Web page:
The members of Community District Education Council 26 are crafting an anti-discrimination resolution that they hope will be applied in schools throughout the city.
“The purpose of this resolution is not targeted toward District 26. We want the chancellor to implement some of these actions throughout the school system,” Treasurer Albert Suhu said at the board’s virtual Sept. 29 meeting.
The “Resolution to Prevent Anti-Asian Racism and Aggressions in Schools” is still being drafted by the group, but Suhu said he hopes its final version will be ready to be voted on at District 26’s October meeting.
As of last week, the resolution demanded that Chancellor Meisha Porter “take concrete action citywide to prevent anti-Asian racism” by:
• eliminating the stereotype of “perpetual foreigners” by incorporating the full historical experience of Asian Americans into the school curriculum, modeled after a proposed bill by state Sen. John Liu (D-Bayside) that would mandate teaching children about Asian-American contributions to the civil rights movement and growth of the country;
• designating Asian American and Pacific Islander Heritage Month in May as an official celebration in the school calendar and incorporated into lesson plans;
• expanding middle school language programs to include Chinese, Korean, Hindi and other AAPI languages to encourage cultural exchange between Asian and non-Asian students;
• providing training to staff and parents on preventing anti-Asian bias and racist aggressions; and
• improving the reporting system for bullying incidents in order to reach parents unable to communicate in English.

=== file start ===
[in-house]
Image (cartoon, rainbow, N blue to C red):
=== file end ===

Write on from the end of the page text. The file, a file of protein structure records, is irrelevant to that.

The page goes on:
Suhu said other CECs are working on their own resolutions.
“We want to show a strong voice to the chancellor of having many CECs concurrently working a resolution and improving it and making the chancellor aware that this is an important issue that needs to be addressed,” he said.
Superintendent Danielle Giunta said changes across District 26 are being made to ensure that its students are educated to various cultures and life experiences. Including more classroom celebrations, such as for the Lunar New Year and Black History Month, will be implemented in every school, she said, as well as diversifying libraries to include authors across various ethnic backgrounds.
“[We are] highlighting the importance of learning the differences between families and really thinking about people’s unique abilities, so ensuring that our students really have the ability to celebrate what makes us different and special and learning those pieces,” said Guinta.
The superintendent also said several students constructed their own statement against racism and discrimination, which she adopted as the district’s mission statement for the school year.